How Swimming Can Change the World

Jan 21, 2005
How Swimming Can Change the World

Watching the news each night, I get more and more frustrated by...well...HUMANS. It seems that, increasingly, HUMANS are so caught up in success that they'll do anything, and take any short cut, to achieve it. Business ethics are driven by "The Apprentice"-type of tactics, which put profits ahead of service. Personally, I'd like to see "The Don" teach his apprentices that the sale is just the beginning of the relationship, not the end.

swimmer turn

I've been involved in swimming for a long time, as both competitor and coach, and I've seen and experienced a direct relationship between work...and reward. The link was always pretty direct: The harder I worked, the better I competed. The harder my swimmers worked, the better they did in races. I'm not talking about working for a day or two toward a short-term goal. I'm talking about making a personal commitment to a long-term goal, and working toward that goal over weeks, months, and years. After I had swum for a few years, it was evident that time ran out very quickly each season, and one season built on the next. In order to succeed consistently, I had to make sure that I worked EVERY season. As a coach, I try to make sure that all swimmers I work with understand that each day affects the next, and each practice affects the next. You can't be committed for a day or two, and then slack off. The work has to be consistent. There are no short cuts.

Setting long-term goals and steeling yourself to work toward them is no easy task -- especially if you watch a lot of nightly news broadcasts. The news is filled with stories of individuals at high levels of government or business or athletics who seem to have forgotten about ethics, integrity, and the direct relationship between work and reward. The news is filled with people who take short cuts.

money down the toilet

For example, this week I learned on the news that the FBI paid $170 million to a company to create a computer system...and the system didn't work. What happened? When the company bid on the project, did they know whether they could actually deliver a workable system? Did they even know if such a system COULD be built? Could it be the case that they KNEW the task couldn't be completed, but decided to grab the bucks anyway? I'm just guessing here, but the whole situation makes you wonder. In business, we'd be held accountable for not completing that task, and we'd have to continue to work until it was done, or give a REFUND! Why does it work differently when the government is involved?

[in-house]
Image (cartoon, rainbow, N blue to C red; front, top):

swimmer under

Over the past few years, I've been fortunate to work consistently with a few athletes. Each day, we work on specific skills, and it's a very common aspect of our training to -- start again. If something is not done correctly, it must be done again until the task is completed CORRECTLY, not just completed. One of these swimmers, has just broken a state record in the middle of the season, and is looking for huge drops over the next month. He expects it because he's applying himself every day!

And while I'm on this particular rant, I have to say that I'm disgusted by major-league baseball (lower case because I have no respect for it). Top-league baseball players are among the world's most talented athletes. We can only admire and marvel at their reflexes and skills. But I believe that the new steroid policy put forth by the people in charge of major-league baseball is a JOKE! What kind of a threat is "FOUR strikes and you're out?" What kind of a message does it send to kids to establish a rule that says you can cheat for a while, sit out for a while, cheat a little more, sit out a little more -- all the while, making obscene amounts of money, which would have the ability to soften the pain involved in the wait for the 'roids to leave the system. Come on! The records of the past are being overturned by guys who are CHEATING! CHEATING! And the answer from the league is to allow them to continue to play until they've been CAUGHT FOUR TIMES! Even then, they're not done. They just have to sit out another year.


Don't these guys know that KIDS are watching? Don't they care? Don't they know that nearly every other sport is STRUGGLING to remain clean, and struggling to establish uniform rules for drug testing and punishment for drug use? The baseball higher-ups seems to be telling us that the shortcut of drugs is OK and nothing to get too excited about. DON'T BELIEVE THEM! Using drugs to get to the podium compromises not only your integrity, but also the integrity of the entire sport. Our sport needs tougher drug penalties, not more lenient ones. We need more testing, not less, and we need more consistent testing and penalty guidelines, not less. And I hope that swimming officials don't take any cues from the higher-ups of baseball.

At this time, our sport is still very pure, and offers a fundamentally sound activity for thousands of kids and adults. Swimming teaches us that we're responsible for our success and failure. It helps us develop a strong work ethic, and gives many opportunities to show good sportsmanship. It teaches us how to behave in the "real world." In swimming, as in most of life, there are no shortcuts to success. You can't fake...or lie...or cheat...your way to success in swimming. You have only yourself to blame for failure, and you get all the credit for success.

Our sport can change the world by teaching our youth that the more integrity they have in their training, and in their day-to-day life, the more success they'll experience. Funny how that seems to hold true in the rest of our lives, even if we are surrounded by people who take short cuts. We can either complain about it, or try to change things by teaching better values. I choose the latter.

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